Thursday, 28 January 2016

Installing mysql binaries in non-standard location

Well, the I've spent the last few days just trying to get the latest version of mysql installed. Yesterday I spent ages installing the latest version of gcc on the webserver, as the one installed was too old to build mysql with. (Don't I love shared hosting). GCC takes hours to build and it was also complicated by the unusual way in which it must be configured, which I wasn't aware of until after a few failed attempts at compiling it in the normal way.

Installation of mysql was further complicated by it still trying to use the old version of gcc. Following the instructions to make clean and rm CMakeCache.txt didn't help. After trying a few different things I deleted the directory and extracted the tarball again to start clean. This did work.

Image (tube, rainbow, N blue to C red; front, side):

But after all that work, my webhost killed all my processes while mysql was still building. I guess I can't blame them - I have a 512MB plan, and the mysql build process alone was taking up nearly a gig. I tried to see if there was any way to limit the amount of memory used during make, but couldn't find anything.

So today I checked if there was any way of changing where a pre-compiled binary package could be installed to. It turns out that for rpm (the server is CentOS and mysql offers an rpm package) you can use rpm --prefix= or rpm --relocate, but mysql packages are not relocatable.

However, I later found this information about using the generic binaries: Installing MySQL on Unix/Linux Using Generic Binaries. This indicates you can just extract the tarball to your preferred installation directory, and that's it. So I did that and it worked! Could've saved myself several days work and fustration!

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